Tidal Energy Today has compiled the top news from tidal and wave energy industry from December 19 – 25, 2016.
Europe will contribute €5.6 million to the MET-CERTIFIED project that aims to increase the adoption of insurable and therefore bankable marine energy projects through the development of internationally recognized standards and certification schemes, and by testing and verifying technologies against IEC standards for marine energy converters.
EEL Energy has received €3.7 million from the French government for the development of its 1MW tidal energy prototype based on undulating membrane. The funding was secured through French government’s Future Investment Program (PIA), and follows EEL’s capital increase of nearly €3 million from June this year.
US Department of Energy has allocated $40 million to Oregon State University’s Northwest National Marine Renewable Energy Center (NNMREC) to construct an open-water wave energy testing facility. The site, dubbed Pacific Marine Energy Center South Energy Test Site (PMEC-SETS) will be built in Newport, Oregon, and is planned to be operational by 2020.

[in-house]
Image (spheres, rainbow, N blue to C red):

The deployment of Penguin wave energy device as part of the EU-backed CEFOW project, will take place in early 2017. However, the location of the testing activities for the device, made by Finnish wave energy developer, Wello has been shifted from the Cornish Wave Hub to the European Marine Energy Centre (EMEC) in Orkney. The deployment of the device is expected to take place early in 2017.
The construction of the maritime research center in the Belgian port of Ostend will begin early in 2017. The research center will be located in the industrial port area Plassendale 1, and will house a wave pool and a towing tank suitable for testing wave and tidal energy converters, floating wind turbines, and other offshore structures.
Tidal Energy Today